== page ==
How sweet it is to have James Taylor in town again
It's definitely not an understatement to say it can be very easy to be put off an act purely on account of the people who actually like said act.
For example, it took me quite a while to come around to just how good the first three Jimi Hendrix albums were due to being exposed at an impressionable age to Dublin pub bands who simply threw loads of notes over the top of sludgy blues riffs without ever figuring out that Hendrix was, in fact, a true sonic innovator and a fine songwriter with a beautiful singing voice.
Equally, in my late teens I developed an aversion to the work of James Taylor. This was mainly down to attending parties where, inevitably, some drippy hippy with lank hair would produce a nylon-stringed guitar and commandeer the kitchen. The wretched songs of Bob Dylan were a given in such situations, but there was always a particularly intimidating "Sssh" to be heard whenever the performer in question launched into Fire and Rain. God, I hated that song for so many years.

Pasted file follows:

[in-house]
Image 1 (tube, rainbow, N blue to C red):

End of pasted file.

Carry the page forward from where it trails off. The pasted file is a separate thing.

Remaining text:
Eventually, of course, we all come to our senses, and it's quite obvious that the song is a classic example of confessional writing from the early 70s, a period when that style was at its zenith. Indeed, along with Carole King's Tapestry, James Taylor's second album, Sweet Baby James, is one of the totemic releases of that genre.
Stardust Having gone through heroin addiction and a mental breakdown, Taylor wound up on the Apple label in 1969 at Paul McCartney's recommendation, but not even the Beatles' sprinkling of stardust could get his career off the ground at that stage. A year later and the world was at his feet, with songs like Sweet Baby James, Carolina in My Mind and a cover of Carole King's You've Got a Friend earning him a permanent place in bedsit record collections.
Adopting country influences as his career progressed, Taylor's laid-back attitude could at times be infuriating, never more so than on the truly insipid cover of Holland-Dozier-Holland's How Sweet It Is from 1975, a soft-rock shuffle that reduced a great soul-pop song to mush and may well have inspired punk all by itself.
Recent years have seen some marvellous live shows, not least one at LA's Troubadour when he and King swapped songs backed by a superb band in what was a genuinely warm and moving concert.
James Taylor plays the 3Arena on Tuesday
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